As I sense is one of the author's usual m.o.'s, we get a lot of narrators in this book, which can get tricky and in my opinion is where the only loose threads here come from. For the most part we have three, though a fourth emerges at the end as a sort of surprise to wrap us up. We start with the young girl Evelina, who is less young later on, and she's spectacular. Evelina is a daughter of Clemence and granddaughter of Mooshum (thus cousin to Joe, my last Erdrich protagonist in The Round House), and mainly stays in the present helping us piece everything together although she gets a few wanders of her own. After a bit of that we get Bazil, Judge Coutts (whom I met before as Joe's father — Bazil and Geraldine marry in this book). He, however, is primarily here to reminisce, telling the story of his grandfather, letting old Shamengwa tell a story, and eventually telling of his own first love. And then, in the middle of the book, we zip over to Marn, who takes us on an intense and unbelievable and creepy journey through a cult with Billy Peace.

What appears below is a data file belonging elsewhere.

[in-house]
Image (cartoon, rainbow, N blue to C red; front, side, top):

And it… doesn't have a lot to do with anything else, Marn's story. It's puzzling. I should really like it (cults!!) because it is written in this beautiful and nail-bitey way (how are Erdrich's books so crazy action-packed on top of all the other ways they're good?) but it is way too bright and strong a thread to be a backdrop here — it doesn't work as a short story; we need more. Way more. Marn ends her story with the words "I need to see the judge," and she means Bazil, and we know exactly what she needs to do, and it is immensely exciting, and I thought: aha! Here is the rest of our plot, and I settled in. But then we do not get to see her do it. She's more or less done. It's odd.
(However: that chapter where Marn and Evelina are together in the diner is so incredibly amazing! There's stabbing! And also it's super funny and sweet, somehow! Mooshum telling Evelina how French she looks. And his hopeless flirting in Ojibwe, Evelina translating: "He says the doctor will treat your snakebites. He's the doctor, I'm sure." MOOSHUM. Cracking me up.)